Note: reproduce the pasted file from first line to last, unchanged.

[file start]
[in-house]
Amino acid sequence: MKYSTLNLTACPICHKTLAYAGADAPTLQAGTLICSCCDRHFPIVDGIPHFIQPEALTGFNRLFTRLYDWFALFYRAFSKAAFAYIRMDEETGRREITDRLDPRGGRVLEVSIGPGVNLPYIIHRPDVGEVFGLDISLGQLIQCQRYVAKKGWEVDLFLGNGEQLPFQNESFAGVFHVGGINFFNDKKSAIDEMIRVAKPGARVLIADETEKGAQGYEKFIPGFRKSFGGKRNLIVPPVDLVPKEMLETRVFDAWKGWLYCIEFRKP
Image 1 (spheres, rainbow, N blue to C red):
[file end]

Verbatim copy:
[in-house]
Amino acid sequence: MKYSTLNLTACPICHKTLAYAGADAPTLQAGTLICSCCDRHFPIVDGIPHFIQPEALTGFNRLFTRLYDWFALFYRAFSKAAFAYIRMDEETGRREITDRLDPRGGRVLEVSIGPGVNLPYIIHRPDVGEVFGLDISLGQLIQCQRYVAKKGWEVDLFLGNGEQLPFQNESFAGVFHVGGINFFNDKKSAIDEMIRVAKPGARVLIADETEKGAQGYEKFIPGFRKSFGGKRNLIVPPVDLVPKEMLETRVFDAWKGWLYCIEFRKP
Image 1 (spheres, rainbow, N blue to C red):